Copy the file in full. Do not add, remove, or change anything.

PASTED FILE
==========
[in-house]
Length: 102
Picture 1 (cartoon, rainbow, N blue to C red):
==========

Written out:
[in-house]
Length: 102
Picture 1 (cartoon, rainbow, N blue to C red):